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NCJ Number: 250305 Find in a Library
Title: Initiatives to Reduce Demand for Prostitution and Sex Trafficking in the U.S.
Corporate Author: National Institute of Justice (NIJ)
US Department of Justice
Office of Justice Programs
United States of America
Date Published: August 2016
Page Count: 1
Sponsoring Agency: National Institute of Justice (NIJ)
Washington, DC 20531
Grant Number: 2008-IJ-CX-0010
Document: HTML
Type: Report (Summary)
Format: Article; Document; Document (Online)
Language: English
Country: United States of America
Annotation: This article details an NIJ-funded project that provides a descriptive overview of initiatives targeting the demand for commercial sex in the U.S. and offers practitioners actionable information to assist them in starting, improving, or sustaining initiatives.
Abstract: This project provides a descriptive overview of initiatives targeting the demand for commercial sex in the U.S. and offers practitioners actionable information to assist them in starting, improving or sustaining initiatives. A number of criminal justice interventions and collaborative programs that combat prostitution and human trafficking for the purpose of sexual exploitation by focusing on reducing demand for commercial sex have emerged. Studies have found that the use of anti-demand approaches in the U.S. is more widespread than previously thought. However, little research or descriptive information is available about most of these interventions. Additionally, many communities attempting to address “demand” have not had access to lessons learned from the experiences of other communities. As a result, some initiatives have struggled or failed when faced with challenges that had been solved elsewhere. Although this was not a formal evaluation, the report includes information about assessments of demand reduction activities. The authors note that successful demand-side interventions include: 1) “John schools” and “john shaming;” 2) Reverse prostitution stings (street-level, brothel-based and web-based); 3) Community education programs; 4) Seizing cars involved in purchasing sex and suspending drivers’ licenses; and 5) The Swedish model: focusing on arresting and prosecuting the purchasers of commercial sex.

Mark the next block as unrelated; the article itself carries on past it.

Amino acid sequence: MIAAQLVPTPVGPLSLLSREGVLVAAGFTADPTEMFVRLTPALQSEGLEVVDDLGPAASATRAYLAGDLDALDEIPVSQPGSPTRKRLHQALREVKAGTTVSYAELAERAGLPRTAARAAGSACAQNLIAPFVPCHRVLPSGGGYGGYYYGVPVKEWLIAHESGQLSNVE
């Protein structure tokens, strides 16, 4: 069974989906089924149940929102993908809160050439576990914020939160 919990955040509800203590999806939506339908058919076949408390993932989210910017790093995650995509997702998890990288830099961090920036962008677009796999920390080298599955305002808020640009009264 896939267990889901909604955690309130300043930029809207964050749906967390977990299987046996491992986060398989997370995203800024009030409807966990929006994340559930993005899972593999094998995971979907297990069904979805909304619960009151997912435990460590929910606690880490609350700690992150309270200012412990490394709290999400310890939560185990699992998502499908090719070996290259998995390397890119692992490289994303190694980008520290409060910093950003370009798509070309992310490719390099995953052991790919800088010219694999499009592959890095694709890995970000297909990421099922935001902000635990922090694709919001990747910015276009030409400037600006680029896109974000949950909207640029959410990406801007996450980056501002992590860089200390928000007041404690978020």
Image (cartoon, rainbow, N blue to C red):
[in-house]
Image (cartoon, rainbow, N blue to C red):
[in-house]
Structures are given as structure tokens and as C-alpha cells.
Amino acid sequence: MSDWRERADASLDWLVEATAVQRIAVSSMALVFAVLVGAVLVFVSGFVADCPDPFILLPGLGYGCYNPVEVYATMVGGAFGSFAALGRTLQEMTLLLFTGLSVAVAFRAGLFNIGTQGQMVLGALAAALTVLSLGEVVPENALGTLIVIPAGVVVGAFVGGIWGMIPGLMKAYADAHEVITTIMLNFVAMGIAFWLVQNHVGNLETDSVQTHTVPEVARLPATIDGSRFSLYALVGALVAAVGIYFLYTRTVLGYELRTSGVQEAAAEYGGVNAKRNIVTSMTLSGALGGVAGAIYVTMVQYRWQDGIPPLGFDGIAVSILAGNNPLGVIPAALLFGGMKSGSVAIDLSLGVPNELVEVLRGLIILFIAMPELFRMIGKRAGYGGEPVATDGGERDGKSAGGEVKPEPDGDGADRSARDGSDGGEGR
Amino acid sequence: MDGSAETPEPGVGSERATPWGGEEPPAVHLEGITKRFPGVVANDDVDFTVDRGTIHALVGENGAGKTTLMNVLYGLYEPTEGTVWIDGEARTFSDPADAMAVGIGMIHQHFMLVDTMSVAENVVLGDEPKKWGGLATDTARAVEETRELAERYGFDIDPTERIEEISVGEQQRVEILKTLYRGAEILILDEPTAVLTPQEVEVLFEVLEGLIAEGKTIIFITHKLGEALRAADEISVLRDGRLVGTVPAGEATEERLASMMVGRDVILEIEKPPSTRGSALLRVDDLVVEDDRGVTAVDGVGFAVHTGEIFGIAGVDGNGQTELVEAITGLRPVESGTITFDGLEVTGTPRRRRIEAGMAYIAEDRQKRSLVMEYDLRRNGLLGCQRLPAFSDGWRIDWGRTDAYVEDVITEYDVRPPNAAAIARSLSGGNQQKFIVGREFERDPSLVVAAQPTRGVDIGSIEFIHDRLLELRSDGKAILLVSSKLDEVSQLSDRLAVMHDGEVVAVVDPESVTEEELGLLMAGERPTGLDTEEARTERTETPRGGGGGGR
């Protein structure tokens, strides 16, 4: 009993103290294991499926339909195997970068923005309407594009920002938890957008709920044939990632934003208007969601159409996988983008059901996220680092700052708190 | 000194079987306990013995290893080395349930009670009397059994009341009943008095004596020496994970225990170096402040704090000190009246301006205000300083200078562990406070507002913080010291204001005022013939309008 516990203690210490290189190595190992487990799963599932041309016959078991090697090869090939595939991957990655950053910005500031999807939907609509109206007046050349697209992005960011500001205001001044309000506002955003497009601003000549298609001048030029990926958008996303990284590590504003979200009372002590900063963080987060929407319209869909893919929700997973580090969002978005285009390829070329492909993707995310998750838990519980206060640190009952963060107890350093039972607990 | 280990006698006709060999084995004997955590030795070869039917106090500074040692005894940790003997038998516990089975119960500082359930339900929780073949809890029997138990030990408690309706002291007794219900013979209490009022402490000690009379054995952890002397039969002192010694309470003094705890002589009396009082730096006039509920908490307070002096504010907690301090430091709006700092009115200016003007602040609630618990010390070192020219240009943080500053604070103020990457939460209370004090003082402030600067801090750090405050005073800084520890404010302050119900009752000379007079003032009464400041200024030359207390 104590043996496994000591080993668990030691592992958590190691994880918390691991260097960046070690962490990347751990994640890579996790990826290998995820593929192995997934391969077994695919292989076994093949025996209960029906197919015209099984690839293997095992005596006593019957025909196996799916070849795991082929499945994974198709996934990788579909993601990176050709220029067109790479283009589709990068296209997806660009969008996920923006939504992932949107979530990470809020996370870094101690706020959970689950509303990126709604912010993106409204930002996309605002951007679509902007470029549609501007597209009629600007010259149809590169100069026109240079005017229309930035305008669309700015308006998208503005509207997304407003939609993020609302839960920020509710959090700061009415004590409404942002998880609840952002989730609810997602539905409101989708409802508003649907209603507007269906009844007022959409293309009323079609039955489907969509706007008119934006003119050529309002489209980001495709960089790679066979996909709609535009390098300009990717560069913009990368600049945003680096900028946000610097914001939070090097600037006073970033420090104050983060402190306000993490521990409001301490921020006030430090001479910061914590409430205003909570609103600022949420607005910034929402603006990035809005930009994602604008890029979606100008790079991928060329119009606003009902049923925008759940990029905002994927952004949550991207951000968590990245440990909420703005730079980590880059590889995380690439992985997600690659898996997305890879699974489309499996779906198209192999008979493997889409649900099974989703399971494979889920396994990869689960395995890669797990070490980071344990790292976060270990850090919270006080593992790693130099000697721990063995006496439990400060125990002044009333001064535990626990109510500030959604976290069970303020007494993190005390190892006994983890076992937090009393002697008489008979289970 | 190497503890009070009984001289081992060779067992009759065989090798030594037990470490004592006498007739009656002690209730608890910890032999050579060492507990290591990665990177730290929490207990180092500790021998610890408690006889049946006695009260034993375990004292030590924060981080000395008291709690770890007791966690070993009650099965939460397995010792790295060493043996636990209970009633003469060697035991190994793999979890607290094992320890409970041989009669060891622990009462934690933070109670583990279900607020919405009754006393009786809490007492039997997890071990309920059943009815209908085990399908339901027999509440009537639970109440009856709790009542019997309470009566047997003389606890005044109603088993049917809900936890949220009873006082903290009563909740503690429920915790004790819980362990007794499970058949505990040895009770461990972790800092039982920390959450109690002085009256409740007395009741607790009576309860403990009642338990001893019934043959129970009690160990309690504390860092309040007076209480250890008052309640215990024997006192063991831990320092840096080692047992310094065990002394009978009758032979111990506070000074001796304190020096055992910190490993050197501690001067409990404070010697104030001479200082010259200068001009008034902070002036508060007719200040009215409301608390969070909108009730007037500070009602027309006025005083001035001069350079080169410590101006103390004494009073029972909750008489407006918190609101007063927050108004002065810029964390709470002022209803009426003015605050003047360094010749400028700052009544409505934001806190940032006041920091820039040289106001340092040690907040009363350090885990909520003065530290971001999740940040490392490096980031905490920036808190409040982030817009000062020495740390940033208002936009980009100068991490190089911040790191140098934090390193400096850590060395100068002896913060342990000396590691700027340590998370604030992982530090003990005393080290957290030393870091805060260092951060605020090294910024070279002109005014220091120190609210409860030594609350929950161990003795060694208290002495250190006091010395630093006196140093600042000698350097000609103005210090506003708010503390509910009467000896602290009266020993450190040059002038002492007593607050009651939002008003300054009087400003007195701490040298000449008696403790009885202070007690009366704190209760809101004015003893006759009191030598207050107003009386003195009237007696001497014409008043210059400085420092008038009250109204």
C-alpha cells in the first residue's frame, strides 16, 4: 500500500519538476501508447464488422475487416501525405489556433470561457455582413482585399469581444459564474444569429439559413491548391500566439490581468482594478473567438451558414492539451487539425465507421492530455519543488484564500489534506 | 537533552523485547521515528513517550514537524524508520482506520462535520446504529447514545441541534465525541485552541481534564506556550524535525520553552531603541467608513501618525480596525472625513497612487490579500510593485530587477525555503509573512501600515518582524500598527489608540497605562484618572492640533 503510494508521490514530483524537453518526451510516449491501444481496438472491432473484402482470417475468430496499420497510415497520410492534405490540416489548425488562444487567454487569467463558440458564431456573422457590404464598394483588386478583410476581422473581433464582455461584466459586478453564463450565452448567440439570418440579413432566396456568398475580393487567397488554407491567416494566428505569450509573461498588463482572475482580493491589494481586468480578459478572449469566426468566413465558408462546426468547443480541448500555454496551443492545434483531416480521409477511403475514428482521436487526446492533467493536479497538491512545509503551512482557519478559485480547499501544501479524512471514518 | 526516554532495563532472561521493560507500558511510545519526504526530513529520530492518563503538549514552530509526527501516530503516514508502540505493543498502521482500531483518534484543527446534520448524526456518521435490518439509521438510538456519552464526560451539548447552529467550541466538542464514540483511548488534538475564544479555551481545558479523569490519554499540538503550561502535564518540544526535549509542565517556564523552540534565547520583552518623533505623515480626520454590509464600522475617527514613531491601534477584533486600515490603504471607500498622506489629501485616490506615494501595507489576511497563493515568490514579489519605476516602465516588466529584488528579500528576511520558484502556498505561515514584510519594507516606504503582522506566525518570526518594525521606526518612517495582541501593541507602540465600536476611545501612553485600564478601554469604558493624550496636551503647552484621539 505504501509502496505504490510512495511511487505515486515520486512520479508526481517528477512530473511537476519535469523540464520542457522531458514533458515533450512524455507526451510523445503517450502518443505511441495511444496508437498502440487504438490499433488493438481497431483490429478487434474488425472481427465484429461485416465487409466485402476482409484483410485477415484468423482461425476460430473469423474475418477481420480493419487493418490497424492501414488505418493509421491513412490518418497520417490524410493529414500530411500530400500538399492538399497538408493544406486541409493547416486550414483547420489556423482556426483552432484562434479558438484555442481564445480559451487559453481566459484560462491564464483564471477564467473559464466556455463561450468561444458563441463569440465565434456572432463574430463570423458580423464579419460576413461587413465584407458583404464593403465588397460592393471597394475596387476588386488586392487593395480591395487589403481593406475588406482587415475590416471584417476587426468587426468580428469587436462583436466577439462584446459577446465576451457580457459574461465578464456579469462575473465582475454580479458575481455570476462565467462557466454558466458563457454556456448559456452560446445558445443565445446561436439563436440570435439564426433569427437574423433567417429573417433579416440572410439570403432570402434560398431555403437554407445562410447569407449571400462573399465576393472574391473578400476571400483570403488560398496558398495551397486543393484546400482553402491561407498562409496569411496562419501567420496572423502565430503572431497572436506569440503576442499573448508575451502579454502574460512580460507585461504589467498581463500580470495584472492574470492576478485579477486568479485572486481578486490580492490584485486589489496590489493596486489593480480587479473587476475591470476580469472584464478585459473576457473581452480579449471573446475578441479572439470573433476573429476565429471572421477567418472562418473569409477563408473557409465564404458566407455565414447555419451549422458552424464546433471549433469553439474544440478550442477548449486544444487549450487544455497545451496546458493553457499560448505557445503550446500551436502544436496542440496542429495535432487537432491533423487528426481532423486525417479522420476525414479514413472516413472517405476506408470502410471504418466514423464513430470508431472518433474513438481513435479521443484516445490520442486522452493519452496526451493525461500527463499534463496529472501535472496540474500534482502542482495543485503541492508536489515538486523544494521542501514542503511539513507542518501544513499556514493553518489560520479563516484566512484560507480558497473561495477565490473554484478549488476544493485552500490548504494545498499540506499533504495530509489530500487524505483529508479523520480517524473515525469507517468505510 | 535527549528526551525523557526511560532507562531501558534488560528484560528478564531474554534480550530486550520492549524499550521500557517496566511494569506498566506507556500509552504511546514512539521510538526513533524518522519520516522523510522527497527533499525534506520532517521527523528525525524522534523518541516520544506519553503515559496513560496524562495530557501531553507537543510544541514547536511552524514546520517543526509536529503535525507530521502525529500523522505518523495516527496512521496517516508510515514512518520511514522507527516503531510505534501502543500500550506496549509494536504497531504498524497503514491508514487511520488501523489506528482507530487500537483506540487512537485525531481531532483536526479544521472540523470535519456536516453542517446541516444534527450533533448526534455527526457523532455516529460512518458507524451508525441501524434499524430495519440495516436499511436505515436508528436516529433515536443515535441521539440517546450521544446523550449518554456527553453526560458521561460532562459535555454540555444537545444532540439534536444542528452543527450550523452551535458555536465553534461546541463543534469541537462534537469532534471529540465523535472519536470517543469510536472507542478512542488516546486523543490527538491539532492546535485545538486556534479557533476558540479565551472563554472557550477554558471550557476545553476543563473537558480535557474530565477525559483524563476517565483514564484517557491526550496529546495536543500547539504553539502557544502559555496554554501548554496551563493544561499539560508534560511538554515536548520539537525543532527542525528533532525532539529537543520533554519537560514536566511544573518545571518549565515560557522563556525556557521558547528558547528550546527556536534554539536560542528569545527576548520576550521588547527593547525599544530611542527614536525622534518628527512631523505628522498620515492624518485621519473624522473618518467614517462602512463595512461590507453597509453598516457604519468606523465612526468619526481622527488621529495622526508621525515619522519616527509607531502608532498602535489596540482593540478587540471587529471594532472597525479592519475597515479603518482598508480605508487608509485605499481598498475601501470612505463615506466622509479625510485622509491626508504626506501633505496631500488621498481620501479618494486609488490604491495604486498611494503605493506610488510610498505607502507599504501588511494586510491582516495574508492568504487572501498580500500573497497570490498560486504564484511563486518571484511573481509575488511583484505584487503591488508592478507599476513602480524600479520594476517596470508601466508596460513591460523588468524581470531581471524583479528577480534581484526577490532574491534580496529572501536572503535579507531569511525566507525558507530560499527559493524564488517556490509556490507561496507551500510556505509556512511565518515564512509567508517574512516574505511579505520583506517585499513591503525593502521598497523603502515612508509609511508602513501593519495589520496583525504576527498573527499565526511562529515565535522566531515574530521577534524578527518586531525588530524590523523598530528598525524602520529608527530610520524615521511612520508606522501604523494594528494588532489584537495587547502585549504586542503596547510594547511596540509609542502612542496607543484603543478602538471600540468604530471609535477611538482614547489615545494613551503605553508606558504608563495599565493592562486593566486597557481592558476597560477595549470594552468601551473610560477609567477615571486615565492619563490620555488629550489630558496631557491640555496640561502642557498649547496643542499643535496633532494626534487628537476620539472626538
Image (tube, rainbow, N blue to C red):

Main Term(s): Prostitution; Trafficking in Persons
Index Term(s): National Institute of Justice (NIJ); NIJ grant-related documents; NIJ Resources
Note: This article is based on the grant report A National Overview of Prostitution and Sex Trafficking Demand Reduction Efforts (NCJ 238796) by Michael Shively, Kristina Kliorys, Kristin Wheeler, and Dana Hunt.
To cite this abstract, use the following link:
http://www.ncjrs.gov/App/publications/abstract.aspx?ID=272465

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